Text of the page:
When traveling to Santa Fe, New Mexico, you’ll want to savor the flavors of the area. New Mexican cuisine primarily consists of traditional Mexican dishes recreated with New Mexican flavors, spices, and cooking methods. You’ll find Native American fry bread-style sopaipillas; lots of red and green chile peppers, posole, and slow-cooked beans; plus creations native to the area, including the green chile burger, Frito pie, and the breakfast burrito.
Take a tour of these delicious foods and beverages that are at their best in Santa Fe.
Be prepared to answer the classic New Mexican question: “Red or green?” The chile, which ripens from green to red, is a New Mexican staple. If you’re unsure which to order, try the Christmas, which includes some of both. But beware — because chile creations can be quite spicy, some restaurants post signs stating that if the food is too hot for your taste, your meal will not be refunded. So if you have a low tolerance for spicy foods, consider ordering your chiles on the side. That way you can build up a tolerance for the fiery dishes.
You’ll find different incarnations of the chile pepper at many restaurants in Santa Fe — smothered on enchiladas, roasted, stuffed (chiles rellenos), served with eggs, and even topping cheeseburgers.
One of the most popular places in Santa Fe for a traditional New Mexican meal is The Shed, famous for its Shed Red chile that is delicious on enchiladas. Its warm, meaty stew with roasted green chiles is also superb.
The green chile cheeseburger was invented in Santa Fe (there’s even a Green Chile Cheeseburger Trail). Second Street Brewery has won the annual Green Chile Cheeseburger Smackdown on multiple occasions, and you’ll find several of the winning burgers on the menu. Try The Plate Lickin’ Fatty Burger, a hormone-free beef patty stuffed with American cheese and topped with Hatch green chiles and bacon.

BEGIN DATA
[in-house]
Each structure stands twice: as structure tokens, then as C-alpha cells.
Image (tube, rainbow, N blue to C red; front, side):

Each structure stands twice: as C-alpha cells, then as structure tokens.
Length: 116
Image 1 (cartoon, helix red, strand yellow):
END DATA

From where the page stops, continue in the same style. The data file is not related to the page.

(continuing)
The sopaipilla, a light and airy fried pastry that’s sometimes topped with sugar and served with honey as a dessert, is often served sans sugar in Santa Fe. This fluffy side dish is ideal for sopping up chile sauce or wrapping around tender carne asada.
Legend has it that Frito pie was first served at a Woolworths lunch counter in downtown Santa Fe. According to the story, an employee cut open a bag of Fritos, poured chile on top, and the classic dish was born. You can still get Frito pie at the same location, now called the Five & Dime General Store. Another good place for Frito pie is El Parasol.
You’ll often be served posole, rather than rice, as a side dish in Santa Fe. Posole is a hominy-based stew. Many recipes include seasoned pork cooked with chile, onions, and garlic; garnished with lettuce or cabbage; and served with avocado and salsa or lime juice.
As a main dish at Posa’s Restaurant on Zafarano you’ll get posole topped with red chile pork and served with a tortilla. The restaurant offers a vegetarian version, too. Del Charro Saloon, located inside the Inn of the Governors, is a local watering hole that serves up a delicious red and green chile posole. They even share the recipe.
New Mexican beans, usually pinto or black, slow simmered and tender, are a favorite side dish in Santa Fe. Try the Cowboy Beans with chile de árbol at Harry’s Roadhouse — either as a side dish or stuffed inside a burrito. Or, if you prefer black beans, Atrisco Café & Bar serves a spicy puréed black bean soup.
Okay, so breakfast isn’t a food group, but Santa Fe offers many unique combinations that we couldn’t leave out.
Tia Sophia’s claims to have invented the breakfast burrito. Try one smothered Christmas-style, or order the huevos rancheros with two eggs over easy on top of tortillas covered in chile, whole beans, and cheese.
At Café Pasqual’s, the focus is on fresh, seasonal, organic, and naturally raised foods. Try the omelet-style chiles rellenos for a unique spin on the traditional dish.